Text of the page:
Minutes interim-2020-core-03: Wed 16:00
|Meeting Minutes||Constrained RESTful Environments (core) WG Snapshot|
|Title||Minutes interim-2020-core-03: Wed 16:00|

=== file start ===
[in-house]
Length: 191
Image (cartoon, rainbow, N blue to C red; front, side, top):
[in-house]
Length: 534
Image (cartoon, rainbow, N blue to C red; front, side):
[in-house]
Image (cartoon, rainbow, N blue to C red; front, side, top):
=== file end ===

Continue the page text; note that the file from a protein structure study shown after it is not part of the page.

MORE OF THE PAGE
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CoRE Virtual interim - 29-04-2020 - 16:00 UTC Chairs: * Marco Tiloca, RISE * Jaime Jiménez, Ericsson Materials: https://datatracker.ietf.org/meeting/interim-2020-core-03/session/core Webex: https://ietf.webex.com/ietf/j.php?MTID=maf73502a66b35ef0f7478a46ea5bff73 Minute takers: Christian Amsüss, Jaime and Marco (helping) Jabber Scribes: Jaime Participants: Marco Tiloca, RISE Jaime Jiménez, Ericsson Klaus Hartke, Ericsson Francesca Palombini, Ericsson Jim Schaad, August Cellars Christian Amsüss Rikard Höglund, RISE Barry Leiba, FutureWei Peter Yee, AKAYLA Ari Keränen, Ericsson Michael Koster, SmartThings Thomas Fossati, ARM Carsten Bormann, TZI Niklas Widell, Ericsson Michael Richardson, Sandelman Software Works Henk Birkholz Marco doing introductions. *** draft-bormann-core-senml-versions-01 *** https://datatracker.ietf.org/meeting/interim-2020-core-03/materials/slides-interim-2020-core-03-sessa-senml-features-and-versions CB presenting (1603 CEST) SenML had a long evolution up to RFC8428, called version 10 then without much thought for extension. Base field can be used to set higher version number, but does not give meaning to that, deferring to new RFCs. New fields are an extension points; versions declare from the sender to the receiver to indicate need to implement something more. Expectation that higher versions imply lower versions is there somehow, but not realistic (due to deprecations). Version numbers work (only) for single-source emissions that develop linearly; for protocols they create problems. Other mechanisms are used there, and versions rarely change (cf. HTTP 1.0 from ~2000, extensions done using new headers). Features as extension points are present in the form of "Must understand"-fields (indicated by trailing underscores). This could get big over time (~10 byte per feature). Idea from Ari: Interpret version number as a bitfield. Current version is 10, so four LSBs are "gone". Still gives 49 reasonably usable bits. One could be used for "secondary units" (open point from IESG approval). 53 comes from JSON. Wouldn't suffice for HTTP evolution, but would last for decates at expected speeds. All in the draft, which updates 8428 to set that versioning mechanism. Comments? Anything that needs fixing? Thomas: What's the relation between -versions and -more-units? Does -more-units need -versions? CB: more units was approved with an informative ref to this document, not necessarily as *the* way to solve the issue, but -more-units has a big hole while something like -versions is not there. Thomas: exactly so, if someone else comes with another way to indicate this, how would it work at then end? Is the informative reference sufficient. CB: Completely different? Then, somebody should decide. Thomas: Who is authoritative? CB: Change control is with the IETF. I'd expect CoRE to make these decisions. Is this completely hypothetical, or is something on the horizon we don't know? Thomas: It is hypothetical. Seems like a risk we have. Apart from that, am OK with that. Small doubts about small code point space and pressure on registry. [...] JJ: Should the reference to -versions in -more-units be manadatory to implement (normative) right away? Thomas: Yes. CB: With 7252 we thought to do the right thing and put in RPK as mandatory-to-implement scheme. Created normative reference to a not-done-yet document. Some squabble in security area created one year delay. My perspective is that incurring a normative reference where it's not necessary is a mistake we should not make. We are not doing that any more, it's malpractice. For me, that's way more important than the other considerations. It's kind of weird to have an informative way to the only way to do it, but we can finish it now and have other SDOs use it in their documents. -more-units is leaving RFC editor stage and to be published end of May, any throwbacks would be unfortunate. Ari: on only-way-is-WIP: There's already a use case where they're only using units of SenML and not the serialization, so they don't have that problem at all. Later on they may use SenML serialization. So for that case it's less weird. On Thomas' point on coexistence: Used to have mandatory-to-implement as main extension point, and version that was never planned to be used. It's not that tricky here, those ways can coexist, eg. a set of features could be grouped inside a single version bit. Different indication ways can coexist. Thomas: I understand Carsten's point of using non-normative references to avoid blocking -more-units on -version, still with that we would have a scar in -more-units that could leave space in the future for potential interop problems. *** draft-ietf-core-senml-data-ct-01 *** https://datatracker.ietf.org/meeting/interim-2020-core-03/materials/slides-interim-2020-core-03-sessa-senml-data-value-content-format-indication CB presenting (1624 CEST) A more conventional extension to SenML, but ran into detail with probably workable solution. Problem recap: data fields can be binary or other types. What does binary mean? content types ("media types") are common to indicate that, in the Content-Format header in CoAP (for coding), shown in second example on p2 (e.g., "ct":"60" vs "ct":"text/csv@gzip") How is this handled as a new thing that's not understood by all implementations? "ct" as field is ignorable, "ct_" is must-understand per SenML mechanism. What if there are base fields for any? Ugly interactions have been shown. SenML defines "must understand", but does not define interaction of not-must-understand items with them ("foo" and "foo_" are unrelated from its PoV). The resolution process for base values is defined, and only per-field. Proposed solution #1: per-record overrides any base. (But not backed by SenML) Proposed solution #2: [...] must-understand overrides optional-to-understand but "bct_" renders "bct" and "ct" unusable. Current document proposes #2. We think we are done with this. JJ: Can you have simultaneously bct_ and bct? CB: Yes, and #2 means that bct is ignored then. AK: Clarification: *from that point on* where you use that it's overridden. Generally, we have not found a case where this would be an actual problem in a single pack. Would become a problem when merging packs from multiple sources. KH: Since Carsten has been asking for additional solutions: My favourite solution is always to not solve the problem. The original problem was that, without `ct`, we know that there is a bytestring but don't know the semantics (the content format) of that bytestring. With `ct`, we know the semantics if we understand `ct`. But, with `ct`, if we don't understand `ct`, then we're not worse off than we were at the beginning. We still know that there is a bytestring. Is it actually important that we understand `ct` to make use of a record? CB: Bit of ambiguity that SenML has. It does not say what "must understand" means, does it mean "must understand field in principle" or "the specific value"? That's not clearly defined. KH: I simply assumed what we have for critical CoAP options: you cannot understand the CoAP message if you do not understand all the critical options. CB: That's an important distinction – "can not understand that record" (but may understand that pack). A must-understand field may influence the rest of the pack. KH: Maybe next step is to clarify what an underscore means? CB: Not sure if this is the document to do that. KH: Have draft that clarifies RFC that clarifies RFC... ;-) CA: Can bct_ be unset ("bct_": null), when unsetting, wouldn't that make the base thing go away again? Can the composition rule be defined per field? CB: The resolution process is defined independently of the specific field. We can't have application-specific resolution. JLS: Arguments about criticality bother me, X.509 have been discussing that for ages. CB: Yes. CB: That's something to take home, clarifying the semantics of "must understand". AK: Good material for SenML-bis. Original proposal was to have "ct" only, but "maybe we need it" came up and opened the discussion. For ct, I'd argue that underscore version is not critical to have (sometimes maybe useful). That part of the draft could even live without. CB: To be taken to the list, option of just "ct" might be simpler. *** Media types and data definition languages *** https://datatracker.ietf.org/meeting/interim-2020-core-03/materials/slides-interim-2020-core-03-sessa-media-types-and-data-definition-languages CB starting discussion (1642 CEST) Not about specific document, but touches a number of documents. (Unrelated WebEx bashing, and philosophical comments on the benefits of slowdown.) One component of REST: Media types as pre-cooked definitions of data to be found in a response, and data defined in a more dynamic way. Back to 1977 (RFC733). If something is text based and has no pre-existing structure (JSON) and no other data definition, we use ABNF.  with some voices against it but a rough consensus. Now we have CDDL (RFC8610), and hopefully will arrive at agreement that we use this for structured data. Machine readable definition enable CI, code generation, validation of examples etc. Net benefit: fewer doubtful cases in interops, more clarity. Downside: learning problem for contributors / threshold effect. So only have a small number to have to learn few. Also, ease to communicate complexity incites complexity. "ASN.1 effect" that led to GSM map[?] etc. Format can't help here, discipline can. (Two-line CDDLs can be done). Result of data definition: shape (up to ranges and validity, and even, identification of extension points); augmenting instance with semantics (implicitly by the name to be referenced in documentation, or explicitly with RDF rooting). So far, probably widely agreed on. Now for speculation. Example: RFC6690. Some structural aspects in structure using ABNF for structure mapping (crossing levels: mapping web links to ASCII and the higher level). RFC6690 inherited that. Example implementation of links-json shows implementation impact. (RFC8... fixes that). CDDL can describe "plain old CBOR" [sic!], but CoRAL is also there. Is "It's CoRAL" (which is true) sufficient for a media type? There is a higher level of structure too, solving a specific application problem, and some minimum expected components etc are necessary. Not try to apply CDDL to CoRAL (that would be mixed-level error again). Look at core-coap-problem. As plain old CBOR this can be described by CDDL. What to use when using CoRAL? We want validation, minimum properties, probably not need augmentation (but maybe that's lack of imagination). Do we need "CoDDL" for class information? Can we embed definitions of this kind in CoRAL? link to description? Express expectations on what to be sent? Everywhere where media type goes, there could go a CDDL or "CoDDL"? MK: How is this different from a system of shape constraints? Or *is* that a system for shape constraints, like SHACL CB: We could use SHACL. Suggested literature to take home. MK: I have also encounter would have found useful a lightweight mechanism to carry the shape informaiton over the wire. CA [prep]: CoRAL Fetch to validate? The same format could be used to validate and describe to the server what the client wants. CB: One aspect of augmentation is adding flags to say I want this, I don't want that. MK: Ties in to discussion of selectors, to semantically identify nodes inside a document. HB: To augment something like from CBOR to CDDL, sounds awesome but [...] how to sign? As a steering information for the consumer, having a wrong array could be problematic. CB: There are some security considerations, good point. MK: Might want to hurry because they're talking about JSON path again. CB: That's one point I didn't make: It spans tons of working groups. YANG (with large solutions for large problems), L Carrien[?] who does little JSON schema because he doesn't like big schema. JSON WG which is having messages back an forth on how JSON should look like CBOR group working on CDDL. Michael has this nice matrix of ecosystems, containing a line on what they use for data definition MK: Will publish that link. CB: JSON-path to me is a very simple subset, but maybe I'm lacking imagination on how this is likely to become complex (like XPath got). Interesting about JSON path is "are you doing this for a single instance" (eg. from inside the instance, like JSON pointers do) vs. designed to handle a class of data items, so that you can say "out of this array, give me those that have field type set to green" (like XPath can do), ending up in a Turing complete language. Is there a useful subset that's a 80% solution? Who does JSON-path now? MK: Has come up in WoT group in discovery / directory. In Thing Directory, they use JSON-Path syntax as query language. Follow-up is standardization of JSON-Path and -schema. Point is, this is a general issue. KH: Nobody responded to "Do we need CoDDL". I think yes. Sounds a very good idea to have a machine readable format to describe the shape of coral documents, both for documenting and to have simple instance validation. Maybe fetching is not so distant from this instance validation (e.g., give me all documents that validate against this shape). Maybe we do not "need" it as we can use english, but it is good to have something machine readable in our drafts. CB: JSON-Path is a simple matching language. CoDDL would be a powerful matching language. As usual, "how much complexity do we actually need", "… can we expect people to imlement"? YANG have used complex XPath stuff, which I can only imagine being usable in rack hardware. KH: FETCH part should be implentable in constrained devices. SHACL and ShEx (https://shex.io/) looked at, latter looks usable, shouild try to implement. MK: Dan B. told me he prefers ShEx too. CB: Some of this is getting too researchy for the WG, maybe we can partition this into "now" and "after research". Looking into ShEx would help in CoRE. CA: media types? we already have issues in CoRAL expressing dictionaries as media types. Restricting them further would make 64k run out fast. KH: Media types use to say what bytes mean. Now you can the CoAP Accept option, for instance, to choose among different dictionaries. Then you can say that this document conforms for some shape. It feels more like a resource type, in the light of the shape of the document exprssed in the document. But maybe this is less about declaration of shapes but more about just having the shape (and then it's working). MK: You're distinguishing between shape and vocabulary. So the shape includes also the application vocabulary. KH: Yes, e.g. in coap-problems must have an error code, and may have a text, and may have zero or more other things. CB: Seems that problem-details will be guinnea pig here. Sorry, Thomas. TF: I'm fine with that. KH: We also have some more CoRAL based applications now, like Marco's group manager draft, pubsub proposal etc. Most of them define the shape already, but in English. Could try to come up with something for all of them. MK: Currently have an issue (kind of related) where people have trouble understanding how they're supposed to construct URIs or requests. With talk about constraint languages, this might apply here too. Better way of describing things than quasi-URI template. But more about interactions and not data descriptions. CB: Next steps? Extracting requirements / objectives out of CoRAL drafts we have, in an informal way? JJ: Could it be possible to have some example of a draft using this? So the other drafts can start working on it as well. For me, it's easier with examples. CB: Love jumping into examples, but need design first. What are the properties of the thing we're trying to build? KH: Would start by creating instance examples for the different drafts, and when we see the instances we can try to see what we expect of classes. CB: .. MK: Is this "Validators vs constructors"? CB: Can build both for both, but how do you express things? Historically, it's schematron vs. relax-ng. Inclined to take generative approach. (Meeting ended 1730 CEST).